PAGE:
I'm sure we've all been reading a few blogs and articles around the place about the release of KDE 4.0. You can quickly spot which camp a post falls into: there are those who got the message about this being .0 release and they are almost all positive and looking forward to 4.1, and there are those who didn't and so end up wrongly measuring it against 3.5. Then there is the third sort, the willfully ignorant, those sites with well known anti-KDE viewpoints who just enjoy the opportunity for another KDE-bashng session. I don't even bother following the links to those ones. Overall, I'd say 80% of what I've read falls in the first camp, which is gratifying.
I'm not too bothered by most of the negative stuff, KDE 4.0 stands as a great achievement independent of what some random people on the net might think, except for two areas. The first are those reputable news sites who post 'Articles' that criticise aspects of KDE4 based on ill-informed assumptions and erroneously drawn conclusions. They fail to exercise some journalistic discipline by contacting the publicity team, the developers involved, or even reading the Planet, to get the proper story. Essentially these are blogs masquerading as journalistic articles, and the laziness and the lack of editorial rigour irks me no end. The second are the anti-KDE trolls who are happy to write KDE4 off based entirely on a couple of screenshots. What's particularly galling is the way they descend on the positive articles and post their ignorant hate-filled rants in some sad attempt to override the positive impact of the original post. Why??? Why waste your time so???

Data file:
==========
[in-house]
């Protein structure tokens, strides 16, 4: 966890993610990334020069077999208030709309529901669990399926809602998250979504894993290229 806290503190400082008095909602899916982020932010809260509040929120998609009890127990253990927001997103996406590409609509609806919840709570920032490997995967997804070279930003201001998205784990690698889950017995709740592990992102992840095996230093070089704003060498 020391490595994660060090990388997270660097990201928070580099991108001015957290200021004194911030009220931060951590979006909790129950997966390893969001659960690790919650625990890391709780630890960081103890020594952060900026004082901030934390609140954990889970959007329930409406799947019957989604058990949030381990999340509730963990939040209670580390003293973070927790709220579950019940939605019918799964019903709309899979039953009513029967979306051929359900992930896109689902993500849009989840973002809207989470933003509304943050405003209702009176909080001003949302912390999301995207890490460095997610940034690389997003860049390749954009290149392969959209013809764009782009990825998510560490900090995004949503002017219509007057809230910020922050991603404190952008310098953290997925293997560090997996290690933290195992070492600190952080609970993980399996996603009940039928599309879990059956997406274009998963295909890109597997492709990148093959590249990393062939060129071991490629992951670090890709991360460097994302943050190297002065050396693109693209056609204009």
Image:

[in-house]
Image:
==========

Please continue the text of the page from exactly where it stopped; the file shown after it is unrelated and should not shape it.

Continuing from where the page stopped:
I will mention two posts in particular, The first was a blog that acknowledged what a great job the publicity guys did on the release announcement (sorry, I've lost the link), in particular the way it explained the significance of the new features for our users instead of just regurgitating a list of buzzwords and version numbers. The second is an article over at Lifehacker, a site dedicated to 'Getting Things Done', which is sure to put a smile on aseigo's face. The author, Kevin Purdy, goes beyond the superficial 'oooh pretty' review and instead demonstrates the power and flexibility of Plasma with a taskbar-less desktop.